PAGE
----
Plowman Craven-Madison: Team survives but faces changes

Plowman Craven Madison

Rumours of the Plowman team?s demise have been exaggerated. The team goes on, although it will undergo a name change ? perhaps as early as tonight?s Tour Series race in Woking ? relinquish its UCI Continental status and looks set to lose riders.

The team is set to be renamed, and the loss of the costly UCI Continental status means the squad will be ineligible for the Tour of Britain, unless an exception to the rules can be negotiated.

And as many as four riders could be in the process of leaving, although the team?s owner Simon Barnes remained committed to the survival of the team. One of those strongly rumoured to be on the move is Evan Oliphant.

The riders have not been paid of late, but Mr Barnes said they would get the money they're owed as soon as it was possible.

Mr Barnes said it was a case of ?hunker down, batten down the hatches and weather the storm? created by the difficult economic conditions rather than fold the team completely.

The plan had been for Plowman Craven?s financial involvement in the team to be smaller this year. came on board and it had hoped that a new four-year deal with a major company would be in place this spring to take the title sponsorship.

Meanwhile, Plowman Craven Associates folded early in the year, and the other Plowman Craven companies have been bought by a venture capitalist. The surveying company has been hit particularly hard by the economic downturn in the property and construction industries, and although things look brighter since being bought out, there is not the marketing budget to plug the gap left now the potential backer has pulled out.

Riders have not been paid, but Mr Barnes said they would get the money they were owed.

Mr Barnes said: ?Plowman Craven has been backing the team for a number of years but it was always the intention that, financially, it would take a step back this year.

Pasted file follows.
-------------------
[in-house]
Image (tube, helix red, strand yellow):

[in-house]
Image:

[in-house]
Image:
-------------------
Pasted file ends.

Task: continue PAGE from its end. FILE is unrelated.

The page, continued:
?We applied for UCI Continental status so we could ride the Tour of Britain, but it has turned out to be costly and not all that worthwhile.

?Plowman Craven hasn?t been affected as much as some, but it has been hit pretty hard by the credit crunch because it deals with two of the sectors most affected. Now that the company has been bought out, it?s in a pretty good position.?

?We were in advanced negotiations with a big company, but then they had redundancies and a serious reduction in marketing budget. We were relying on getting that money.?

Plowman Craven is not currently in a position to cover the shortfall. Riders had their wages delayed, but Mr Barnes?s priority was to keep the team going.

?I?m still supporting the team personally up to a certain level, and and Pearl Izumi are still on board,? he said. ?We will search for a new backer. There are a number of companies who are interested, but they?re not in a position to write cheques at the moment.

?The riders have been told they will get their shortfall. I?m not about to fold the team and walk away, partly because morally it?s not right and partly because of my love of the sport. I?d rather tough it out at a reduced level now and still have a team, rather than fold and lose it.?

Mr Barnes admitted some riders would leave the team, but said it was amicable.

And he confirmed that the team?s new name would be, perhaps starting as early as tonight?s Tour Series race in Woking.

?The problem is, we wanted to ride the Tour of Britain, but the UCI changed the rules last October, so we had to have Continental status in order to be eligible,? he added. ?I feel it?s asking too much. If, for example, a British telecommunications company were interested in the team, the Tour of Britain would be very important because it?s good TV time. But in effect, you?re paying a lot of money for just one race.?

So far this season, Plowman Craven have ridden the Tour of Majorca, and have won the opening round of the National Circuit Race series at Hillingdon, thanks to Jeroen Janssen.

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Sports journalist Lionel Birnie has written professionally for Sunday Times, Procycling and of course Cycling Weekly. He is also an author, publisher, and co-founder of The Cycling Podcast. His first experience covering the Tour de France came in 1999, and he has presented The Cycling Podcast with Richard Moore and Daniel Friebe since 2013. He founded Peloton Publishing in 2010 and has ghostwritten and published the autobiography of Sean Kelly, as well as a number of other sports icons.